When Christian leaders deliberately reinterpret God’s Word on the basis of man’s fallible ideas (taken from outside the Bible), not only are they undermining the Word of God, they are actually though unwittingly) conducting an attack on the Son of God! This is very serious. Yes, when you compromise the Word of God, it is also an attack on the Son of God, whose Word it is.If you care to read more, the full article can be found here, but this quote gives us plenty to discuss.
Here's the first very basic fact that Ham seems completely unable to see... Everyone who interacts with God's Word is interpreting it, Ken Ham as well as William Lane Craig (the Christian leader against whom Ham's remarks are addressed). Thus, if Craig interprets God's Word differently than does Ham, it is Ham's interpretation that is being questioned, not the Word of God. It's just as simple as that. And the inability to grasp that, his blindness to the fact that his interpretation is not the "Word of God" but an interpretation of it, is foundational to the entire scheme of Ham's whole ministry.
Elsewhere, Ham (as well as others of his ilk, including the more well-respected Bible commentator, John MacArthur) insists that those who doubt [his interpretation of] the creation account, will invariably doubt the resurrection of Jesus.
Now, that Jesus rose from the dead in a glorified body is explicitly taught over and over again, in all four Gospels and in nearly all of the other New Testament books. But nowhere in Scripture is it explicitly taught that the Earth and universe are only 6,000 years old (as Ham believes) or that the 'days' of the creation in Genesis 1 are 24-hour days. Indeed, the more explicit Scripture passsages that deal with the age of creation state that the mountains are far, far older than human understanding. No, Ham's view about the age of creation is a complex theory that makes a number of interpretive decisions, each one of which is at best dubious and at worst demonstrably false. What's more, Ham's interpretation of Genesis is very recent in church history, as he could rightly be said to be following the interpretation that arose with Lightfoot and Ussher in the 17th century.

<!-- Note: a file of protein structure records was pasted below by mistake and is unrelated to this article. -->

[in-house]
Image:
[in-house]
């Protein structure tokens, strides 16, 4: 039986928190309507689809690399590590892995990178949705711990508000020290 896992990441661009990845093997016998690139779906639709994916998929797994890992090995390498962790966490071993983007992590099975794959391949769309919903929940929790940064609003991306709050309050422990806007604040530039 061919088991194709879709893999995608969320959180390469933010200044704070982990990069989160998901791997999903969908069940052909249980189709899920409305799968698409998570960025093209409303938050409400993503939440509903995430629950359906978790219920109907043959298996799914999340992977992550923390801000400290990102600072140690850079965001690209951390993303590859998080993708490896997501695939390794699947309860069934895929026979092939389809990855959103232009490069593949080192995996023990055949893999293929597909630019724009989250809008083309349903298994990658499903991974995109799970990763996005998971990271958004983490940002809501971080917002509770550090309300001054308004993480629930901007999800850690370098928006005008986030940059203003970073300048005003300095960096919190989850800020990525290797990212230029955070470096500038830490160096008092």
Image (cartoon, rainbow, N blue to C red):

In his insightful book, The Scandal of the Evangelical Mind, Christian historian/philosopher Mark Noll refers to Ham's position this way:
...a fatally flawed interpretive scheme of the sort that no responsible Christian teacher in the history of the church ever endorsed before this century [that has come] to dominate the minds of American evangelicals on scientific questionsPerhaps an even bigger problem in the thinking of AIG's leader is that whenever he examines the interpretations of others, he finds them fallible, and clearly implies that by contrast his own thinking, ideas, and conclusions are infallible. Now, he doesn't say this right out, of course, because it sounds so silly. He again hides behind "the Word of God." when what is really being compared is the fallible interpretations of those with whom he disagrees over against the fallible interpretations of Ken Ham. Until he confronts this glaring aspect of personal pride and bad reasoning, I'm afraid Ham will continue to be an embarrassment to the name of Christ and a barrier to belief for those more willing to make the most of the minds that God has given them as they seek to understand His precious written Word.